Mr. Chakrabortty: this idiot writes on economics for The Guardian

Other banks such as Barclays got in on the act, but commodity funds remained a pretty small business – until the turn of the millennium, when two things happened. First, the US Congress rushed through a piece of legislation that permitted pension funds and others to invest in these new commodity indices.

No. The CFMA confirmed pre-existing law.

What has happened over the past decade is that hundreds of billions of new money have been staked on food prices going one way: up.

It isn\’t fucking possible to do this in a futures or derivatives market! They are zero sum games, for everyone who goes long there must be an equal and opposite short contract.

It is only in the physical markets that the weight of money argument can hold. If someone buys wheat and stores it then yes, they can push up that physical price.

So, what we want to know is, did, as the physical price rose, stocks rise as well? Ah, no, you see they didn\’t. Physical stocks fell. So there was no hoarding, there was no price rise being created by speculation.


8 thoughts on “Mr. Chakrabortty: this idiot writes on economics for The Guardian”

  1. It’s not a good piece, I left a comment pointing out two obvious mistakes.

    But I think it’s fair to say hundreds of billions of dollars have been staked on prices going up – the speculative/investment community are definitely long the markets (there’s a reasonable short element, and it comes and goes, but I’d estimate about 20% of the long position).

    It’s not of course the whole story, and it’s not fair to say is that this money has pushed prices up, or will turn out to be correct in its assumption.

    On stocks they did rise in some commodities, and – perhaps more importantly – the rate of production has fallen below historical trends, which might reflect ‘speculation’ by producers.

    What I find utterly bizarre is the view that speculation is the main or a key culprit of higher oil prices often goes hand-in-hand with believing in “peak oil”.

  2. Lots of things at work here, and osme of the new ETFs do hold both futures and the underlying commodity, which could drive up prices. Buying futures can also drive up underlying prices in certain (rare) situations.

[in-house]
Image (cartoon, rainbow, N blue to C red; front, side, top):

The most likely causes of prices increases aren’t specualtion at all. I’d hazard a guess at;

    1. Growing populaitons
    2. Growing GDP/head and thus desire for premium foods
    3. QE/devaluation of fiat currencies.

    If anything, higher food prices should in theory at least incentivise *more* food production, which in turn would lower its prices….

  3. Am I missing something, but “It isn’t fucking possible to do this in a futures or derivatives market!” seems a bit of an overstament. As if the futures price goes out of whack, the arbitrageurs move in and sell forward in the futures mkt at silly high price, buy now at nice low price and hang on to the physical stuff in the meantime. Pulling prices up for the physical stuff today. Until there is no profit through such a strategy once cost of carry and storage are taken into account.
    But yes, the guy is still a twat, and I guess that falling stocks indicate that it was more speculation driven. I think.

  4. Charlie – that’s true, but the point is that stocks didn’t rise. Now that is the entire crux of the matter really, and as stocks are very rarely measured accurately in any commodity its difficult. In oil, where stocks are measured relatively easily for obvious reasons, the consensus view is stocks were quite low. The problem there is that oil producers (unlike farmers) can stockpile oil in the ground by not producing, which might have been incentivised by rising prices.

    The stocks issue I think is best explained like this, by the way. If you don’t think speculation has increased or decreased production, and you don’t think it increased stocks, then by definition consumption must be unchanged too. And it is difficult to explain why it will have changed consumption patterns. Therefore it can’t have had a price impact.

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